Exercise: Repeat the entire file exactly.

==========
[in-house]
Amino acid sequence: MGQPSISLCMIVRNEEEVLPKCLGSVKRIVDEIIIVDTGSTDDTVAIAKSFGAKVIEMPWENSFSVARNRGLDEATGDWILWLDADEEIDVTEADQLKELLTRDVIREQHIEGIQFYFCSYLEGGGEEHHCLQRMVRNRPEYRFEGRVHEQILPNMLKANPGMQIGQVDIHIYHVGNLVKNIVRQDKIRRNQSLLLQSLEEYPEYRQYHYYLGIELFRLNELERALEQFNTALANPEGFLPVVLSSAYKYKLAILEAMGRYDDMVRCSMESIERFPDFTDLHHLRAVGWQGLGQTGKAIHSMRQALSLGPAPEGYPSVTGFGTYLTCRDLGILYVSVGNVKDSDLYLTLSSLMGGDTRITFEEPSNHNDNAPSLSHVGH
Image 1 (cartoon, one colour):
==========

[in-house]
Amino acid sequence: MGQPSISLCMIVRNEEEVLPKCLGSVKRIVDEIIIVDTGSTDDTVAIAKSFGAKVIEMPWENSFSVARNRGLDEATGDWILWLDADEEIDVTEADQLKELLTRDVIREQHIEGIQFYFCSYLEGGGEEHHCLQRMVRNRPEYRFEGRVHEQILPNMLKANPGMQIGQVDIHIYHVGNLVKNIVRQDKIRRNQSLLLQSLEEYPEYRQYHYYLGIELFRLNELERALEQFNTALANPEGFLPVVLSSAYKYKLAILEAMGRYDDMVRCSMESIERFPDFTDLHHLRAVGWQGLGQTGKAIHSMRQALSLGPAPEGYPSVTGFGTYLTCRDLGILYVSVGNVKDSDLYLTLSSLMGGDTRITFEEPSNHNDNAPSLSHVGH
Image 1 (cartoon, one colour):